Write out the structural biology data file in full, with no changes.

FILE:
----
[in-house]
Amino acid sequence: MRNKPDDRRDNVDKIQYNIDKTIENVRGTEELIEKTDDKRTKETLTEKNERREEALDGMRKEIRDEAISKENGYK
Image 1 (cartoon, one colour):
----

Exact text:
[in-house]
Amino acid sequence: MRNKPDDRRDNVDKIQYNIDKTIENVRGTEELIEKTDDKRTKETLTEKNERREEALDGMRKEIRDEAISKENGYK
Image 1 (cartoon, one colour):